See this? This, my friends, is fresh asparagus. It is not from Mexico. It is not from Florida. It is not from California. It is 100% LOCAL! I was super-pumped when I saw the sign for it at the farm stand on my way home from school last night. And even though it’s less than 3 days until I leave for vacation, I couldn’t resist buying 2 bunches (the season is SO short, and I’m going to be away for 11 days of it, so I have to get it while I can).
Now onto the “kashing in” part of the title (no, I haven’t betrayed my profession and decided to throw caution to the wind with me spelling). And I’m normally not a fan of gratuitous spelling errors. The photo to the right is kasha, and last night’s supper marked the first time I cooked and ate it. What is kasha? Read more about it here. I am always on a quest to try new and different grains, so on a recent trip to the bulk barn, I picked up a bit of kasha (or buckwheat groats) to try. Side note: sometime in 2011 (we don’t have anything more specific), my little town of Simcoe is getting its own Bulk Barn…and I am SO excited! They have a great selection of baking stuff, grains, and natural foods (and some candies too, I’ll admit it ) that are hard to find in town. You know you live in a small town when the opening of a Bulk Barn excites you!
So the kasha and asparagus joined forces to make a rocking side salad for last night’s supper. I was cooking for one, so cooked 1/4 cup dry kasha according to the Bulk Barn’s handy tear-off directions mistake. I steamed some asparagus in the microwave for 3 minutes (I like it tender-crisp), used part in a salad for today’s lunch, reserved 3 little spears for my chicken, and chopped the rest up and added to the kasha. I also steamed and added a bit of broccoli (trying to clean out the fridge before vacation…2 DAYS!), as well as chopped raw red onion and red pepper. I stirred in some of my fresh arugula, chives, and parsley (you can never have too many fresh herbs…expect to see A LOT of them on HHH over the spring and summer). I seasoned with salt and pepper, and my dressing was lemon juice, lemon zest, Dijon mustard and fat-free Italian dressing. I put it in the fridge for a couple hours (I had hooping class) to let the flavours blend. Other than the fact that I slightly over-salted the kasha when I cooked it (oops!), this was a delicious, fresh, spring salad.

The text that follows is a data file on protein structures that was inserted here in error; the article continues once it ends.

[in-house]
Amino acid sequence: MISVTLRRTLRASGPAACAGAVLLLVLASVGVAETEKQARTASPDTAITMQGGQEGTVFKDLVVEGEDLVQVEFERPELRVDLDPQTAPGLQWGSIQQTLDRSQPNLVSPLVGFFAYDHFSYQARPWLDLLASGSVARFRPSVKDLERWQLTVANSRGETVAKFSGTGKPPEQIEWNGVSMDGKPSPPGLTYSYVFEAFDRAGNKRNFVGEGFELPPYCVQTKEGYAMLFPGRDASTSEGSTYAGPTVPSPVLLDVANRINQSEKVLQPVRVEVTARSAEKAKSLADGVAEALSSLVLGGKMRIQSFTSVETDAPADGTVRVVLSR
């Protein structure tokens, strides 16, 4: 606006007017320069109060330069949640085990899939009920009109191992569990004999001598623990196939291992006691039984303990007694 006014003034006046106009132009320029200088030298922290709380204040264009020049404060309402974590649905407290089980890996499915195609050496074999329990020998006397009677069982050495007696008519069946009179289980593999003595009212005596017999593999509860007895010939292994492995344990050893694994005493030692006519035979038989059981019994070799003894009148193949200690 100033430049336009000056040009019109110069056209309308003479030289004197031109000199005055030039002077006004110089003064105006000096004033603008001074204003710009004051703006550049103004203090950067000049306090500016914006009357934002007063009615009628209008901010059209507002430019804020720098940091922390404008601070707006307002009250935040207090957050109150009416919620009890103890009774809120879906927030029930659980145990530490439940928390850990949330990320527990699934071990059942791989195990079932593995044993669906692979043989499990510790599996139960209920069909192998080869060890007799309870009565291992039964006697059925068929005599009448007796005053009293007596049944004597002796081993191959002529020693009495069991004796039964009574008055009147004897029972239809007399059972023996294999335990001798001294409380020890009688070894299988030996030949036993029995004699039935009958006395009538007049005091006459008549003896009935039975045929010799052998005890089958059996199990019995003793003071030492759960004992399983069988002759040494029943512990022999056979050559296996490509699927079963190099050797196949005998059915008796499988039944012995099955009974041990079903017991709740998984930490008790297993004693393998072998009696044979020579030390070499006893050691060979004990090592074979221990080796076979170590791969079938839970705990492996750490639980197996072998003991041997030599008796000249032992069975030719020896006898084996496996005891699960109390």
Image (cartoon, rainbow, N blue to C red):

Now what did I do with those 3 little asparagus spears and my chicken? I made asparagus and ricotta-stuffed chicken. Sounds ritzy, no? But so simple! My filling was a couple tablespoons of light ricotta, mixed with lemon zest, chopped fresh parsley and chives, Dijon mustard, garlic salt and pepper.
I cut the asparagus spears in half. Then, using my boning knife, I cut a slit in a boneless, skinless chicken breast (my knife skills could use a little work though, ‘cause I went all the way through in a couple spots). I stuffed the slit with the ricotta mixture and the halved spears. As you can imagine, it was quite a messy process!
I put the stuffed chicken breast in a small stoneware pan with some chicken broth, and sprinkled the top with Greek seasoning and garlic salt, and covered it with aluminum foil. Since I was going out to hooping class, and cooking the chicken at the same time as I’d be roasting some cauliflower (on time-cook), I didn’t want the chicken to dry out. I set the oven to cook for 45 minutes at 400.
Results? The cauliflower (roasted with the usual suspects: cumin, garlic salt, olive oil, and just for kicks, some Epicure salsa seasoning) was delicious as always – nice and brown and crispy. As I said above, other than the slightly salty kasha, the salad was a real winner. And I really like the nutty flavour of the kasha – add this to the list of delicious “alternative” grains. The chicken? It was good, but the flavour didn’t absolutely knock my socks off. Maybe it needed a bit more salt? But still a good dish. This was a perfect meal for spring – fresh, light and healthy – lots of veggies, whole grain, lean protein and even a bit of calcium from the cheese (gotta get in all the good nutrition I can before vacation)! What “other” grains do you like to cook with? I’m expanding my repertoire. So far I’ve tried kasha, bulgur, couscous, Israeli couscous and quinoa.